The following is a brief guide to Chechen and North Caucasian factions and fighters in the Syrian conflict — it is part of a longer report being prepared by Joanna Paraszczuk with in-depth analysis on each faction, their history, main fighters, locations, alliances, and battles.
A quick visual aid to understanding the main Chechen factions in Syria:
1. CHECHEN FIGHTERS IN THE ISLAMIC STATE OF IRAQ AND AS-SHAM
1.1 UMAR SHISHANI
ISIS’s northern branch is led by Amir Umar Shishani, an ethnic Chechen from the village of Jokolo in the Pankisi Gorge in Georgia.
Umar was first identified by a member of a Chechen internet forum in March 2013, who recalled that he had fought in the Georgian army, or had worked for a security company, but that he had later been convicted of gun running and spent some time in prison.
In November he was identified as Tarkan Batirashvili in two reports, one by the Wall Street Journal and one by BBC Arabic, after a middleman brokered a deal allowing reporters to talk to a a Georgian defense ministry official about him. That official backed up the earlier forum report, saying that Umar did national service in the Georgian armed forces in 2006-2007, joined the army in 2008 and was discharged in 2010; he was later arrested for gun-running.
Umar traveled to Syria from Turkey and in September 2012 was fighting in Aleppo. He set up home in Hraytan in a villa appropriated from a local businessman.
Umar formed his own faction, which later merged with another faction to become Jaish al-Muhajireen wal-Ansar (JMA). This faction reportedly contained 3,000 fighters from the North Caucasus, Ukraine, Crimea and Arab states.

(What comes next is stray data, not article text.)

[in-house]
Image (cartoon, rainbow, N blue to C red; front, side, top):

In August, Umar was fighting with ISIS although he was not formally a part of that group until he pledged allegiance to its leader, al-Baghdadi, in December, taking a group of his men with him.
1.2 ABU JIHAD SHISHANI
Abu Jihad Shishani is an ethnic Chechen who spent some time in Egypt before coming to Syria, where he studied alongside Salafi clerics. He speaks fluent Arabic as well as Russian.
Abu Jihad became close to Umar Shishani after the capture of Menagh Airbase in August, when Umar was promoted to ISIS’s military amir of the northern region. Abu Jihad began to appear in videos alongside Umar, usually acting as his spokesperson (Umar is a poor public speaker).
Most recently, Abu Jihad made several videos explaining various events including the fighting between ISIS and insurgent factions.
2. CHECHENS IN JABHAT AL-NUSRA
The major Chechen faction fighting with Jabhat al-Nusra is Jaish Khilafa al-Islamiyya, which until earlier this month was led by ethnic Chechen Sayfullakh Shishani, until his death during the storming of the Aleppo Central Prison.
Sayfullakh had no fighting experience before coming to Syria sometime in late 2012. He has been identified as Ruslan Machalikashvili, an ethnic Chechen most likely from the Pankisi Gorge in Georgia.
Sayfullakh lived in Turkey as part of the Chechen refugee community for a number of years before coming to Syria. He has been pictured in Istanbul at pro-Chechen rallies. He had a criminal lifestyle, likely connected with organized crime, before becoming radicalized, and traveling to Syria to “wage jihad”